Alix M. Freedman has been named Global Editor for Ethics and Standards at Reuters. She comes from the Wall Street Journal, where she was deputy managing editor and page one editor. Before that she oversaw ethics and standards of high-impact stories in the paper and on the Dow Jones newswires. Ms. Freedman won a Pulitzer for her tobacco industry reporting. Full memo from editor in chief Steve Adler below.
I’m thrilled to announce that Alix M. Freedman, one of the world’s most esteemed journalists, is joining Reuters as Global Editor for Ethics and Standards. Winner of the Pulitzer Prize for her extraordinary investigative coverage of the tobacco industry, Freedman was most recently Deputy Managing Editor and Page One Editor at The Wall Street Journal. Previously at The Journal, she was responsible for overseeing ethics and standards and supervising final-reading of high-impact stories in the newspaper and on the Dow Jones Newswires.
At Reuters, Alix will help fuel our drive for journalistic excellence by working closely with reporters and editors on major stories, final-reading many signature pieces, and holding us all to the high standards set out in the Thomson Reuters Trust Principles and the Reuters Handbook of Journalism. A long-time leader of ethics training at the Journal, Alix will also collaborate with our training team to make sure we provide the best possible instruction. She will report to me and serve as a member of Reuters senior leadership group.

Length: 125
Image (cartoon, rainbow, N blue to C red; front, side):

Alix has spent much of her illustrious career as a reporter, with a keen focus on topics that require unusual reporting skill, courage, and dedication and that – in her hands – have produced stories of enormous resonance and enduring impact. Among her many reporting highlights:
- · Her 1998 story, “Population Bomb,” an astonishing account of how two American contraceptive researchers arranged for chemical sterilization of more than 100,000 women in developing nations. It won a George Polk Award and was a Pulitzer finalist.
- · “Fire Power,” a 1992 examination of how a secretive Southern California family dominated the market for low-priced handguns frequently used in crimes. It won the Gerald Loeb Award, one of Alix’s two reporting Loebs.
- · Reports revealing little-known ways that Saddam Hussein profited from the United Nations sanctions meant to punish him, stories that made her and a colleague 2002 Pulitzer finalists.
- · High-impact on-the-ground coverage of child soldiers in Sierra Leone who were conscripted by rebels and then branded to discourage desertion. In 2003, Alix and a colleague also probed the failure of U.N. peacekeepers as a war-torn town in the Congo stood on the brink of genocide.
In December 2003, New York Women in Communications, Inc., named Alix winner of their 2004 Matrix Award in the newspaper category. She is also winner of the 2010 Lawrence Minard Editor Award, the Loeb’s special distinction for career achievement among business editors.
She is a graduate of Harvard University with a bachelor’s degree in history and literature.
Please join me in welcoming Alix to our team.
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